Asylum seeker at UK’s first migrant camp says conditions are ‘unbearable’

Asylum seeker living at UK’s first migrant camp in Kent Army barracks says conditions are ‘unbearable’ with 34 people sharing one shower as dozens chant ‘freedom’ and stage hunger strike inside

  • Napier Barracks is one of two MoD sites being used to house asylum seekers 
  • Dozens of migrants at the barracks in Kent protested over poor living conditions  
  • One resident has complained of a lack of privacy and said they struggle to sleep

An asylum seeker living at Britain’s first migrant camp claims conditions are ‘unbearable’, with a ‘lack of privacy’ and 34 people sharing one shower.

Napier Barracks, near Folkestone, in Kent, is being used by the Home Office to house asylum seekers including people who have crossed the Channel in small boats.

There have been reports of suicide attempts at the military facility and yesterday, around 40 residents gathered outside the barbed wire-topped fence chanting ‘freedom’ and waving banners.

Hunger strikers demanded ‘basic human rights’ and a move to ‘safe’ accommodation, with one migrant admitting that he feared catching Covid-19

Several dozen people stood outside the gates of the military facility to demonstrate over conditions inside and social distancing concerns

Several dozen people stood outside the gates of the military facility to demonstrate over conditions inside and social distancing concerns

Handout photo issued by Care4Calais of asylum seekers conducting a sleep out overnight

Handout photo issued by Care4Calais of asylum seekers conducting a sleep out overnight

Many are on hunger strike and sleeping outside despite the cold nights in protest at conditions in the camp.

One resident who has been living at the barracks since September complained of a lack of privacy and said they struggle to sleep.

They said: ‘I am protesting because the conditions here are not good. Thirty-four of us share one shower and one toilet.

‘There is no privacy. At night no one can sleep because there is too much noise. The situation is unbearable. You cannot settle and there is no peace and quiet.’

The resident said they are also worried about coronavirus because of the cramped conditions.

There have been reports of suicide attempts within the Ministry of Defence-owned army barracks, where asylum seekers have been held for months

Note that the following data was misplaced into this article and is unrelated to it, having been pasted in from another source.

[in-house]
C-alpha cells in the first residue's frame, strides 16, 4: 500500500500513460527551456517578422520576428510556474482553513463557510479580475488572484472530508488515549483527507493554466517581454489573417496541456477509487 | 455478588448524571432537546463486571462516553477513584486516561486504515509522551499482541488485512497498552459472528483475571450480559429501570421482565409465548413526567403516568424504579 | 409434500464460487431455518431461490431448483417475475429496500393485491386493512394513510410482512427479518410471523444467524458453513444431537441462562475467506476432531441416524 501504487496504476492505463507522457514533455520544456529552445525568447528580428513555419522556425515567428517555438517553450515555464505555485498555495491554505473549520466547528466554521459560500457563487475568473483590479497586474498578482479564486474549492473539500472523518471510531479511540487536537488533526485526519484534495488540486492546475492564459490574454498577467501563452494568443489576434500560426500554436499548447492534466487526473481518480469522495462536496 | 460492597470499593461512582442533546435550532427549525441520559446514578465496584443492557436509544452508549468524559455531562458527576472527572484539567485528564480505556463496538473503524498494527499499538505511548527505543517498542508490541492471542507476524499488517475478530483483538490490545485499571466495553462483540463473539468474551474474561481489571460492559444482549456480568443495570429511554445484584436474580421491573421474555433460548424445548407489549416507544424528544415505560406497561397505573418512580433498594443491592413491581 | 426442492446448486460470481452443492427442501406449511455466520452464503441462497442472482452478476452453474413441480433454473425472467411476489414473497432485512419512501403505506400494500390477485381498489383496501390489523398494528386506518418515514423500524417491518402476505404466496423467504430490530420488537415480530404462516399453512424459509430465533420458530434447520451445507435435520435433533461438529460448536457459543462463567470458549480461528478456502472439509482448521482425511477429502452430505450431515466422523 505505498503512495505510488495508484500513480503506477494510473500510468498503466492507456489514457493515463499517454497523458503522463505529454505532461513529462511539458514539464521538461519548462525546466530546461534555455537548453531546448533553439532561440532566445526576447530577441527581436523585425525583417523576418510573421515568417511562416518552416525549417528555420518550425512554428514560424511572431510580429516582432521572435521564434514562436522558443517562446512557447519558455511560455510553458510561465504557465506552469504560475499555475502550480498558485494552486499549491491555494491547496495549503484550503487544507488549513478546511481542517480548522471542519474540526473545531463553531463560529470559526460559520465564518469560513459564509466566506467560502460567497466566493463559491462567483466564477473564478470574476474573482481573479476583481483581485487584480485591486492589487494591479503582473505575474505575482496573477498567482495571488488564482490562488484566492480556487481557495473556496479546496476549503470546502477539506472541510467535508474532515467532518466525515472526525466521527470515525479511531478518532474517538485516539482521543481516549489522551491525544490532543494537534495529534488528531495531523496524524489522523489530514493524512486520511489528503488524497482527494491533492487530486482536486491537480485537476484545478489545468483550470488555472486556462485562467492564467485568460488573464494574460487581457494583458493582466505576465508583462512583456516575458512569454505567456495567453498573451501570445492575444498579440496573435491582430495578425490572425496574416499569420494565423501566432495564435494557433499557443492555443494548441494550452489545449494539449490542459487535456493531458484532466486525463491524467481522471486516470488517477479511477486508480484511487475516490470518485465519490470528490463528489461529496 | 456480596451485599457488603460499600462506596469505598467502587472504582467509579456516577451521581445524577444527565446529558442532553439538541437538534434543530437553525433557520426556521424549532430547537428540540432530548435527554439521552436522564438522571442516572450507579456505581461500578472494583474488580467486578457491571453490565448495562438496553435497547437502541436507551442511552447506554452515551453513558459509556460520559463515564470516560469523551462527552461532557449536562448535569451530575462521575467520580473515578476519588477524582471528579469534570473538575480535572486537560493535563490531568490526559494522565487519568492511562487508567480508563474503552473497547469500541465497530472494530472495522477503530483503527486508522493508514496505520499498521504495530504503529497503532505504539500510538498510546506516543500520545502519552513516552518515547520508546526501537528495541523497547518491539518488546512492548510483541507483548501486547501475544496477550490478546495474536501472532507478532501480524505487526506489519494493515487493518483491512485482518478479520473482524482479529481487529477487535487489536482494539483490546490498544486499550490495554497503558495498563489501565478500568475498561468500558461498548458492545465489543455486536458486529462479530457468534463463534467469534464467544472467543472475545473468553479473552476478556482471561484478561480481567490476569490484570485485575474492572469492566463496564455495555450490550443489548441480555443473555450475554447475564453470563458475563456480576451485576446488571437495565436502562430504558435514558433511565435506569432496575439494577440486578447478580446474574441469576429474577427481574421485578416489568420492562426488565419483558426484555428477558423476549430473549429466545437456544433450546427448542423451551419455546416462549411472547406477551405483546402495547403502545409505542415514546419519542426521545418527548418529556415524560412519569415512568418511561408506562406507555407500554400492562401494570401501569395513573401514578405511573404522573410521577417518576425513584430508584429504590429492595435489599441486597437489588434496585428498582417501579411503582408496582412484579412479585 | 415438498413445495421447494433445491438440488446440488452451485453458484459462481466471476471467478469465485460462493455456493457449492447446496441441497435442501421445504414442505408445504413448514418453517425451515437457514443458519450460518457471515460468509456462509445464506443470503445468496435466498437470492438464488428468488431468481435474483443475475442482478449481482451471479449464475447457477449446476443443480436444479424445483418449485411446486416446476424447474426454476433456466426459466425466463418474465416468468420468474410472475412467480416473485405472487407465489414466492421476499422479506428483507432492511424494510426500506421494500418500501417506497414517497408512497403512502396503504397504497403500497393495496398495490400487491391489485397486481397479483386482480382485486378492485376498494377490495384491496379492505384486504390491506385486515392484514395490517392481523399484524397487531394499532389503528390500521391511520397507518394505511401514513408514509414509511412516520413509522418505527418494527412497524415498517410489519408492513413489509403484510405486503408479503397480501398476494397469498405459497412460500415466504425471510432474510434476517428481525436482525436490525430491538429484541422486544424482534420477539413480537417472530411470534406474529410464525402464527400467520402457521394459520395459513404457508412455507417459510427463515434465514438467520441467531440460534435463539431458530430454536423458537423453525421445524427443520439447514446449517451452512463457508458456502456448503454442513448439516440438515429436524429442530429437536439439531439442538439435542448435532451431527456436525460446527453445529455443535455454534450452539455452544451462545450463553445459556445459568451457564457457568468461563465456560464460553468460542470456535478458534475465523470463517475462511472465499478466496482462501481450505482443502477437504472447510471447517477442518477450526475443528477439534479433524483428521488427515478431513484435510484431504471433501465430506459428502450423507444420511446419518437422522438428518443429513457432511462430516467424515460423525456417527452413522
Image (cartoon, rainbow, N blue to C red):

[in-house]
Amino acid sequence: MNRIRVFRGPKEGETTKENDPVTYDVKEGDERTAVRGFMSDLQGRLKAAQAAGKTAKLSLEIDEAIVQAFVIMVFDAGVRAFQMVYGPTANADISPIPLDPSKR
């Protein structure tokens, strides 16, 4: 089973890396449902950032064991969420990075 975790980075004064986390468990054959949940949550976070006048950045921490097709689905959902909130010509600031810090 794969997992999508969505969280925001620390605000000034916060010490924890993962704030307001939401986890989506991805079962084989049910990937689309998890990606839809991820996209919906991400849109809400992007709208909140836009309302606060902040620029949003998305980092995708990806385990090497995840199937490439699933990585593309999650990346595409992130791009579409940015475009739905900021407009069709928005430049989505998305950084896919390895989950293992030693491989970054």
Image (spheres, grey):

There have been reports of suicide attempts within the Ministry of Defence-owned army barracks, where asylum seekers have been held for months

Many migrants gathered outside the barbed wire-topped fence at Napier Barracks in Folkestone at around 1pm chanting 'freedom!' and waving banners

Many migrants gathered outside the barbed wire-topped fence at Napier Barracks in Folkestone at around 1pm chanting ‘freedom!’ and waving banners

One man attempted to take his own life on Friday as he was 'unable to cope with the conditions there any more', according to migrant charity Care4Calais

One man attempted to take his own life on Friday as he was ‘unable to cope with the conditions there any more’, according to migrant charity Care4Calais

They added: ‘It’s a military set-up here, it’s like being in prison. You can’t do anything without someone knowing, everything you do is watched.

‘I don’t feel safe here, I’m really struggling mentally, the thoughts I’m having are very hard.

‘Being here brings up bad memories, particularly at night. I am suffering from nightmares of my memories.

‘I’m not getting any sleep, three or four hours, maybe, each night. I am tired.’

Napier Barracks is one of two Ministry of Defence sites being used to house asylum seekers.

They were loaned to the Home Office as the department struggled to house the thousands of people who crossed the English Channel in small boats last year.

Napier Barracks was designated to house about 400 asylum seekers, more than any other Home Office ‘initial accommodation site’.

Chris Philp, Immigration Compliance Minister, said:

‘The Government takes the wellbeing of asylum seekers extremely seriously. We provide asylum seekers with safe, warm, Covid secure suitable accommodation where they receive three meals a day whilst their claims are being processed.

‘They are not detained and are free to come and go in line with Covid-19 restrictions. We have a robust complaints process where the people who we support or people representing them can raise concerns if they are not rectified through the 24/7 helpline run by Migrant Help.

‘Those at Napier have generally come from France by small boat. This journey is not only dangerous but unnecessary – France is a safe country with a well-functioning asylum system. Migrants should not make this journey in the first place.’